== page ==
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The bisection method is the simplest of the root finding methods. When given this problem from scratch this is the method that most people come up with.
The bisection method relies on the Intermediate Value Theorem:
If f is continuous on the closed interval [a,b] and N is any number between f (a) and f (b), then there exists a number c in the open interval (a,b) such that f (c) = N.
Since the method relies on this theorem it requires that f be continuous on some interval near the root.
The idea is that we find two points a and b such that
f (a) > 0 and f (b) < 0.
Then by the theorem, taking N = 0, there must be a c between a and b such that f (c) = 0.
If we now take the midpoint of a and b, d = (a + b)/2, we will either have f (d) > 0 or f (d) < 0.
If f (d) < 0, then the root must lie between a and d (by the Theorem, since f (d) < 0 and f (a) > 0).
If f (d) > 0, then the root must lie between d and b (by the Theorem, since f (d) > 0 and f (b) < 0).
Either way we now have a "bisected" interval half the size which must contain the root.
|let d := (a+b)/2.|
|If f (d) < 0,|
|Let b := d.|
|Else if f (d) > 0,|
|Let a := d.|
Note that the algorithm must be provided with an initial a and b, as a starting guess. It is often the case with numerical methods that we must get the method going by providing a reasonable guess to start with. A plot is often useful for determining reasonable starting values.
At the first iteration we know that the root, c, is within
|b - a|/2 of d,
i.e. c = d ± |b - a|/2.
Each subsequent iteration halves the interval. Thus if a0 and b0 are the original choice for the interval after the nth iteration we know that d is within |b0 - a0|/2n of the true root.
We define the error at the nth step,
En, to be the difference between the
true root, c and our aproximation at the nth
i.e. En = |c - dn|.
Thus: En <= |b0 - a0|/2n
Note that at the end of the nth iteration of the loop
|b - a| is greater than or equal to En.
This provides us with a practiacal way to calculate the error after each iteration.
Note that En = ½ En-1.
Thus the error in the Bisection method decreases linearly.
Next we do a plot to find suitable starting values for a and
> plot(f(x), x = -Pi..Pi);
Looking at the graph it appears that the root is somewhere between 0 and 1.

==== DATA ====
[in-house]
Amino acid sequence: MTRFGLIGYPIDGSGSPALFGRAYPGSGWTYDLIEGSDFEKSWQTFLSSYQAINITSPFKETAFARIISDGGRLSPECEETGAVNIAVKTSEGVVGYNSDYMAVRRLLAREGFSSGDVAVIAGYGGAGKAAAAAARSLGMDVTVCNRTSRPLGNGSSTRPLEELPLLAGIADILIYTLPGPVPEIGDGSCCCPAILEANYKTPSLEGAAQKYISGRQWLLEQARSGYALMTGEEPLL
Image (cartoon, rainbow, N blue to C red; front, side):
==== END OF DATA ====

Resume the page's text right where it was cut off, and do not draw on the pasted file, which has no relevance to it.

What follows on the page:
We take these as our starting values.
> a:= 0;
> b:= 1;
Now we need an error term, how close do we want to get to the answer?
We will require an answer within 1020 of the correct answer.
> error := 10^(-20);
Now we implement the algorithm:
> while abs(b-a) > error
> d := (a+b)/2;
> if evalf(f(d)) > 0 then a := d;
> else b := d;
Note the colon ':' in the od: line, rather than a semicolon ';'. This tells Maple that we don't want to see the intermediate calculations of the do loop. If you want to see these calculations replace the ':' with a ';'.
Finally we can see the answer:
Maple has kept the result as a fraction so to see the decimal form we can use
But f (d) is 0.2 × 10-9, with 20 digits
accuracy in d we would expect a result closer to 0. What went wrong?
The answer is that the default value for Digits is only 10, thus we will never get d to 20 digits accuracy, we were lucky that the algorithm terminated at all.
This highlights how numerical methods are extremely susceptible to calculational or numerical errors.
We can fix this problem by reseting Digits to a reasonable value for our calculation and running the algorithm again.
> Digits := 40;
Use your program to check your answer.
In addition it cannot find roots of even order.
The order or multiplicity of a root c of a polynomial is the power to which the factor (x - c) is raised.
Roots of order 1 are also called simple roots.
Thus, for example, in (x - 1)3(x - 2)2(x - 3)
1 is a root of order 3,
2 is a root of order 2,
3 is a simple root.
Consider the graph of f (x) = (x - 1)2
plot((x-1)^2, x = 0..2);
There are no values of f (x) near the root for which f (x) < 0, and so the bisection method will fail.
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